Options that are correlated to stock movement

Discussion in 'Options' started by davewolfs, Jul 13, 2009.

  1. I've read that during certain circumstances that an increase in stock price can reduce the value of a call option because of a reduction in volatility.

    With that said, is the above statement something that happens to the majority of options when the market is in a specific phase in this case say a bull and trending or are these types of occurrences usually specific to the stock itself.

    What I am getting at is if there is some sort of tool that would allow me to find highly liquid options whos prices move very closely with the stock prices (I could be wrong, but for this case to occur would implied volatility need to remain somewhat constant).

    I appreciate any input.

    Thanks!
     
  2. MTE

    MTE

    I suggest you read a book or two on options. This will give you a better idea of how they behave.

    The case where you correctly predict the direction of the price move, but still lose money due to volatility crush is more of a specific situation whereby the volatility gets bid up prior to some announcement, such as earnings, FDA hearing or other significant event, and then gets crushed on the announcement. Obviously, this happens all the time, but for general market moves, the volatility doesn't have such a dramatic impact, although it may and will still affect the option.

    To minimize the impact of volatility you would trade the deep ITM options with 0.8 and higher delta. The downside to these is that they are relatively less liquid and thus have wider bid-spreads.
     
  3. Focus on larger-cap stocks and indices that are less affected by volatility movements than smaller-cap issues that have more "hot money" going in and out of them and where reports have more impact on the issue. :cool:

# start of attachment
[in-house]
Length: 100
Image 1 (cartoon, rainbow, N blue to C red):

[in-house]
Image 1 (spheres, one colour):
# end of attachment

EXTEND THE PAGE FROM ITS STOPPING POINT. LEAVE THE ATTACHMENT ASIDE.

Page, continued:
4. nitro

    nitro

    Shhhhhhh, it's a secret, it's called delta.
     
  5. I don't think the option or tool would exists.
     
  6. Just to add, the strategy that I wanted to test out is basically finding options for a stock after it has had an unusual price price spike i.e. more then x standard deviations which has caused the call option price to plummet. This would only apply during trend phases of the market i.e. a clear bull or bear.

    Say for example in a bull a pretty stable stock experiences this price spike which causes calls to become underpriced, I would buy (enter with trend) at say a failed double top and as the price would rise and volatility would move back to normal the price of the call would increase at a rate more then that of the stock.

    I know this strategy sounds simple, and assuming that the stock does go in the direction that I am hoping for i.e. it continues to trend, is there any reason why my option would not also move back to prices that would be considered normal levels.

    I know this strategy sounds simple but with trend trades usually work out pretty well, my only concern would be if the option started moving in the opposite direction.
     
  7. mike007

    mike007

    What you are talking about happens a lot around earnings, like we are in now. Before the earnings comes out, volitility is high. Then after earnings come out, even if they are good and the stock moves up, they take all the volitility out of the options as soon as the news is out so it will make the option lose in value even if the stock is moving up. You can learn about deltas to help with your corroralations to stock price. an 80delta means that if the stock moves up $1.00 the option will theoretically move up .80c. 50 delta, stock up 1.00 option up .50c
     
  8. The only stocks where the IV of the options is fairly constant are low beta issues that need a defribrillator to move. Anything that has any kind of volatility is going to have a fluctuating IV based on the inference by traders of the importance of the news.

    I doubt that there's anything available on the cheap for the retail guy to test this. Generally, ideas like this take a lot of heavy lifting... sifting through many issues, one by one, to find some possibilities.
     
  9. It would seem to me that the nickels and dimes that you might collect from finding options priced below historical IV would pale in comparison to the dollars that could be lost due to getting the direction wrong.

    If you're going to put all of this effort into identifying a trend, why not ride that trend for a gain rather than hope that you don't get the trend wrong AND that your lower IV options reinflate back to historical levels? Ignoring pending news releases, when IV rises or drops, how do you know that's over/under inflated versus a new level?

    I'm not trying to discourage your search or suggest that your idea won't work. It just seems like there are a lot of moving parts that must function together in order for it to work.